There are significant regional differences in women’s participation in government in Africa. Rwanda, in east-central Africa, is currently ranked number one in the world for its proportion of women in parliament, according to the Inter-Parliamentary Union. By comparison, West Africa lags behind other regions of the continent.
At a recent meeting of the Female Parliamentarians Association of the Economic Community of West African States (ECOWAS), participants encouraged member states to consider gender quotas and other measures to boost women’s participation at all levels of government.
The Executive Director of the Goodluck Jonathan Foundation, Ms. Ann Iyonu, has called on members of the Economic Community of West African States (ECOWAS) to prioritize women and youth participation in governance as a way of balancing the alarming percentage of this category of persons in the sub-region. …
Positing that democracy cannot thrive if it is not inclusive of women and youth, she called for conscious and deliberate effort in changing the status quo of women and youth through education programmes that will boost their knowledge and skills through civic engagements, politics, leadership and public speaking through mentorship and networking opportunities. …
“Women and youth representatives, especially in the West African Parliaments of the West Africa region, are very low compared to other regions in Africa where the gap has increasingly and progressively narrowed.
Only 15.7 per cent of the average proportion of seats held by women in the national Parliaments, which means the region is lacking behind other Parliaments in Africa like East Africa with 30.8 per cent, Central Africa 21.7 per cent, North Africa with 20.3 per cent,” she noted.
Iyonu, who said the adoption of technologies in politics will attract women and youths to participate in politics, further called for special seats to be dedicated to women and youth to increase the numbers, “this might not be something we like to hear, our various governments will not like to hear it but one of the measures which we can use to increase the participation of women is to dedicate special seats to increase the representation of women and youths in political positions especially in parliament to inspire and encourage more women and young people in politics.”
Our president @AshantiGholar is absolutely right. We have to support systems that value and invest in Black women leaders. https://t.co/aMIaXVu2pb
— Emerge (@EmergeAmerica) May 9, 2023
RepresentWomen has identified that a lack of funding is a critical barrier for women when running for office. We have also identified steps that political parties and PACs can take to begin remedying this issue. A’shanti Gholar, Executive Director of our terrific partner, Emerge America, wrote a powerful piece in Ms. magazine on the importance of equitably funding black women candidates:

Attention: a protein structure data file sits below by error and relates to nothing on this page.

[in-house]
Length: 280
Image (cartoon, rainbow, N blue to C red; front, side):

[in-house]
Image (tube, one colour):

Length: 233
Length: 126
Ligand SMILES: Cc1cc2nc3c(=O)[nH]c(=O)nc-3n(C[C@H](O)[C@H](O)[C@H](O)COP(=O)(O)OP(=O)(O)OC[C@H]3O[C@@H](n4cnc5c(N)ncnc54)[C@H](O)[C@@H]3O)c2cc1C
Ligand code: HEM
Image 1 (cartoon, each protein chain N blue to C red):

As it stands, Black women candidates only raise one-third of the money as white women. According to the Center for Responsive Politics, data shows that the 113 Black women running at every level raised only $81 million in the first three quarters of 2020, compared to the nearly $811 million pulled in by their 379 white women counterparts across party lines.
An Open Secrets study from the same period confirmed, “Black women tend to have the lowest totals in every category—particularly in overall fundraising and in the amount raised from large individual donors.”
This data mirrors candidates’ lived experiences…
Oftentimes the evidence is more opaque than fundraising totals. For example, when U.S. Rep. Emilia Sykes (D) was Ohio’s House Minority Leader, she was constantly stopped by security asking her what she was doing there, even while wearing her legislator’s pin. They just couldn’t believe that a young Black woman could be an elected representative…
While having to do more with less is a feature of existing systems, not a bug, we cannot sit by and let rising generations of Black women inherit these challenges. Society must not only elevate Black women leaders, it must level up the investment in our leadership…
Even with the significant headwinds Black women face, people are choosing us to lead during one of the most tumultuous periods in recent history. That’s not an accident. Americans know we have the solutions these times require.
This weekend I will be thinking about my mother, Carolyn Nicholson Terrell (1921-2007), who was a treasured nursery school teacher, a thoughtful Quaker, an avid gardener, an ideal grandmother, an exceptional conversationalist, with a passion for sponge cake, children’s literature, small mammals and vertebrates, and an unwavering faith in the equality of all people.
Happy early Mother’s Day to all the moms out there! I hope you enjoy your weekend.